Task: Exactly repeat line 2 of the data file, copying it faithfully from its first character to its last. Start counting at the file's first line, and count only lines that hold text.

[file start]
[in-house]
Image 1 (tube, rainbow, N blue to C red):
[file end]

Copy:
Image 1 (tube, rainbow, N blue to C red):